Where Iran has interest, so will Israel, as Iran’s major regional rival.
Israel perceives Iran as a major long-term threat, and as Russia’s involvement stabilized the Assad regime in 2015, Iran and Hezbollah’s influence in Syria increased as well. Israel decided to protect their own interests by beginning airstrikes deep into Syrian territory in September 2017.
After the chemical attack in Douma on April 7, Israel was the first to respond, conducting an airstrike on the T-4 airfield in Syria, proving the Israelis are willing to act unilaterally in Syria.
ISIS took advantage of the power vacuum created by the civil war to rise to prominence in 2014, gaining significant territory and establishing their self-described “caliphate,” centered in Raqqa.
But ISIS’s influence has diminished significantly in the face of both the Global Coalition to Counter ISIS, headed by the United States, and the Assad alliance. The brutal terror group holds a fraction of the territory they gained in 2014.
Terror group al-Qaeda has also played a role in Syria, albeit a smaller one. ISIS began as an al-Qaeda affiliate, but the two groups split in early 2013 due to differing ideology. In the wake of the division, al-Nusra Front emerged as al-Qaeda’s offshoot and the U.S. targeted them with airstrikes on a handful of occasions.
Eventually, al-Nusra Front claimed to have severed ties with al-Qaeda as well and changed its name to Tahrir al-Sham, although many analysts believe it is still al-Qaeda’s affiliate on the ground. The U.S. government added the group to its list of terrorist organizations that are sanctioned, but at times moderate opposition forces fight alongside it.
Other opposition forces
Another key force on the battlefield is Ahrar al-Sham, an umbrella group of hard-line militants that want to replace Assad with an Islamic government. Despite some overlap in ideology, they also fight against ISIS and, at times, Tahrir al-Sham. Along with the FSA and some other Islamic groups, these are the principal forces on the front lines that Assad battles.
Many of these groups have been secretly supported and armed by Saudi Arabia and other Arab countries like Jordan and the Gulf states.
The Assad regime has been quick to label anyone in the opposition against it a "terrorist," accusing those groups' Western and Arab allies of supporting terrorism. Russia considers Ahrar al-Sham to be part of the "moderate opposition" included in its cease-fire negotiations with Iran and Turkey, but the group declined to attend those talks.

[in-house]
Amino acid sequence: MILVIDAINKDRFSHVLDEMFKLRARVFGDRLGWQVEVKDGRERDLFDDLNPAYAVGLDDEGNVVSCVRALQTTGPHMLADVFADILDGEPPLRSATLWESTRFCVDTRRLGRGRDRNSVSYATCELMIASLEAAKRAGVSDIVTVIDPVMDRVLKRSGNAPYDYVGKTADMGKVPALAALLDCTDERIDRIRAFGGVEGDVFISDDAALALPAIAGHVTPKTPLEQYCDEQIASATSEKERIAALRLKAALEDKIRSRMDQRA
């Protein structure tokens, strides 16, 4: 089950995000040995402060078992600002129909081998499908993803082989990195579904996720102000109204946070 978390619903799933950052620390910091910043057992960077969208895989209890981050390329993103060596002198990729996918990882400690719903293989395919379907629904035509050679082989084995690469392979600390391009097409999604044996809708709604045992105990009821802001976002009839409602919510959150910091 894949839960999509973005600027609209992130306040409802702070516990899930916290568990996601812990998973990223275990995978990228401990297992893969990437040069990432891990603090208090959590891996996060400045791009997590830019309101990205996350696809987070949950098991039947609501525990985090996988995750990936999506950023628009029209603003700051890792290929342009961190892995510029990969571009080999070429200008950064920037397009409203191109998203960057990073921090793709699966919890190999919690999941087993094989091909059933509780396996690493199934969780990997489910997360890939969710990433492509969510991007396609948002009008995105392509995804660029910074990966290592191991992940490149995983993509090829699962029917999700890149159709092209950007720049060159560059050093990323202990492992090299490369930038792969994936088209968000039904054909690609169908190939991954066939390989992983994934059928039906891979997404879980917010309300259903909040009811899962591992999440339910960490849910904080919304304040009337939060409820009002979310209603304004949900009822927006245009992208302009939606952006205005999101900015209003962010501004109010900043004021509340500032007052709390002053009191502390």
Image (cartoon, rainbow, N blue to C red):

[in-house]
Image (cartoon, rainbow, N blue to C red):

Turkey and the Kurds
Last, but certainly not least in battlefield capability or influence is Turkey, Syria’s neighbor to the north. Turkey remains a fickle, but critical, American ally.
Turkey launched a ground campaign in northern Syria last August, sending troops, tanks and planes across the border to push back ISIS. That operation, known as Euphrates Shield, has concluded, liberating key cities like Jarabulus and Manbij. But Turkey remains heavily involved in the conflict, especially through its support for opposition groups.
Turkey applauded Saturday's air strikes, with the Turkish Ministry of Foreign Affairs saying in a press release that Turkey considered the overnight operation “an appropriate response to the chemical attack” in Douma.
“We welcome this operation which has eased humanity’s conscience in the face of the attack in Douma, largely suspected to have been carried out by the regime,” the ministry said in a statement.
The U.S. angered major ally Turkey in May 2017 when President Donald Trump approved a military plan to arm the Kurdish YPG militia as part of the effort to retake Raqqa.
The Kurds are an ethnic group who joined the fight against ISIS. As ISIS was defeated, the Kurds retained control of certain regions, setting up aspirational local governments, especially in the northern towns Afrin and Manbij.
But Turkey views the YPG as an arm of the Kurdistan Workers’ Party (PKK), which is considered by the U.S. to be a terrorist group and has fought a decades-long insurgency in Turkey.
In an effort to remove the Kurds from some of the border areas Syria shares with Turkey, Turkish forces invaded Syria in January, putting two U.S. allies and partners in the fight against ISIS against one another.
Russia has said it will not interfere in the conflict between Turkey and the Kurds.